In 1930, a car dealership opened in Rapid City, selling the latest car models to the residents of the city. Now, 87 years down the road, Aaron Neiman, a veteran coffee-shop owner, had a vision to give that old car dealership a rebirth to what is now Harriet and Oak Café & Roaster.

The name Harriet and Oak is inspired by the duality of the new and old, Neiman being a lover of the vintage and passionate about repurposing “junk” to give it a second chance at life.

“We knew with our business model that we needed two names that worked both together and separate. Harriet is the cafe, and Oak is the roaster,” said Neiman.

Harriet was Neiman’s grandmother’s name. He describes her as a teacher, baker, life-long learner, and an inspiration in his life. Many of her recipes are used for the menu at Harriet and Oak.

Neiman felt that Oak is a name that worked well with Harriet and, like an oak tree, his intention is to be deeply rooted in the community and to be a gathering place for people from all walks of life.

The Neiman family are no strangers to the coffee business, as they own two other brands of coffee shops: Blackbird Espresso in Spearfish and The Green Bean Coffeehouse with two locations in Belle Fourche and Spearfish. Neiman’s experiences have driven him to continue to revolutionize his view on the industry and how he can serve the surrounding community.

One wonders how it’s possible to run multiple businesses in different locations all at once, but for Neiman, coffee has always been more than just a beverage.

“My first exposure to coffee was in the early ‘90s at 6th Street Deli here in Rapid City. Friends and I would drive from Hulett, Wyo. to the ‘big city,’ sit in the loft, and sip our cappuccinos. I still miss that place,” he said.

Neiman points out that coffee does more than just please taste buds and wake up a tired mind. Coffee is nostalgic, communal, and a source of comfort.

“I love the culture that surrounds a coffee shop; the sense of community, the connections you can make, and of course, the coffee. I do love coffee, but I think the thing I’m most passionate about is creating a space where people feel comfortable and welcome,” said Neiman. “Our (informal) mission statement is to create an exclusive community anyone can join; a community where everyone matters. We are really in the people business, we just happen to serve coffee.”

Not only serving exquisite coffee, Harriet and Oak provides an exciting, ethnic menu that “incorporates new or unexpected flavors in our dishes in ways that are both approachable and progressive.” The food found at Harriet and Oak ranges from to-go breakfast burritos, to innovative sandwiches, to waffles, all made from scratch in-house.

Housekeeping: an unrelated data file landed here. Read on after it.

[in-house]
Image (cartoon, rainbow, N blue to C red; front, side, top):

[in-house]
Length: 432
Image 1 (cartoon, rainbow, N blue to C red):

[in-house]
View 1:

A weekly tradition they like to celebrate is Waffle Wednesday. Neiman describes the menu items found on Waffle Wednesday featuring the Classic Waffle and an ever-rotating Special Waffle. To name a few examples, the Special Waffle has been “The Elvis” (chocolate chip waffle, peanut butter, chocolate chips, banana, whipped cream), and the “Dakota Sunrise” (cranberry-orange zest waffle, cranberries, orange juice reduction, and toasted walnuts), which are all topped with real maple syrup.

If you’re not halfway there already, one of the first things you’ll notice when you walk into the doors is a 1967 Volkswagen bus (or the #Oakswagen), intended to seat small groups of people. Neiman felt it was appropriate given the history of the location, but it also gives people a chance to coxnnect more intimately.

“Sometimes the best conversations are had in the driveway. Now you can have them in the comfort of your local coffee shop,” said Neiman.

For more information on Harriet and Oak Café & Roaster, visit


In the mood for more than coffee or one of their popular “fogs”? Try Harriet and Oak’s food...

Sliced green apple on organic multi-grain bread, sweet and spicy jam, manchego cheese and prosciutto – grilled and topped with sprouts.

A great vegetarian option. Crusty baguette with roasted red pepper and walnut spread, topped with roasted vegetables, smoked gouda and arugula. Add meat $2. Served hot and toasty.

Maple sage mayo, sliced chicken, hard salami, sweet onion, and a smattering of fresh sage. Topped with fresh mozzarella and toasted on a baguette, finished with arugula.

Mild and sweet chicken curry with apples, cashews, tomato, and sprouts on a toasted buttered croissant.

A delicious quick bread made from coconut flour, almond meal, eggs, and pumpkin, sweetened with honey.

Acai is an Amazonian super fruit packed with antioxidants. Blended with banana and topped with a variety of berries and fruit, house-made granola, shaved coconut, pepitas and bee pollen.

The Kings, Bonnie and Wayne, have been making pastries for years in Lead, S.D. Originally introduced to the area as miner food for the people working at Homestake, they are a sort of hand-made meat pie with fresh ingredients, including beef cut by Wayne on site.

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